Kids Health Info

Midazolam for seizures

  • Midazolam (meh-daz-owe-lam) is a medication that is commonly used as emergency treatment for seizures. It is a benzodiazepine (ben-zo-die-az-eh-peen) medication like diazepam (valium) or clonazepam (clonn-az-eh-pam). Midazolam works more quickly than diazepam but does not last as long. It is also occasionally used for sedation during medical procedures.

    Midazolam can be delivered in three ways:

    • buccal: placed on the inside of the cheek (an area called the buccal mucosa)
    • intranasal: sprayed or dripped into the nose
    • intravenous (IV) or intramuscular (IM): injected into a vein or muscle.

    Swallowing midazolam is not recommended as it is not absorbed well through the stomach. Intranasal midazolam may be better than buccal midazolam in children who vomit or produce excessive saliva during seizures.

    Buccal or intranasal midazolam may be prescribed for a child with epilepsy who:

    • has prolonged seizures
    • has a pattern of seizures that happen close together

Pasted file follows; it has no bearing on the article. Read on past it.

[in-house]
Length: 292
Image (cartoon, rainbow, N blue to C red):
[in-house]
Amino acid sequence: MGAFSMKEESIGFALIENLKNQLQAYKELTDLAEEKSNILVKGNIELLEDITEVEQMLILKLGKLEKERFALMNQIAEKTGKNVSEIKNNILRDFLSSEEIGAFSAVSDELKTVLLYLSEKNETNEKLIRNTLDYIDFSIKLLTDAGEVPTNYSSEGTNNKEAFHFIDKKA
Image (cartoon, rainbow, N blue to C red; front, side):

• lives a long way from emergency services.

    Midazolam is not necessary for all children with epilepsy. Your doctor will tell you whether your child might benefit from buccal or intranasal midazolam.

    Giving buccal or intranasal midazolam for seizures

    If your child has a seizure, follow the correct first aid procedures before giving any medication. See our fact sheet  Seizures – safety issues and how to help.

    The following information describes how midazolam can be given by parents or carers if a child is having a seizure. It may be different from the information in the manufacturer's consumer information.

    It is very important to follow your doctor's advice on when and how to give midazolam and when to take your child to hospital.

    Specific details for giving your child midazolam should be documented in an Emergency Medication Management Plan and your child's general Epilepsy Management Plan.

    Unless your doctor gives you different instructions, call 000 for an ambulance BEFORE giving midazolam. Don't wait for the ambulance to arrive before giving the midazolam.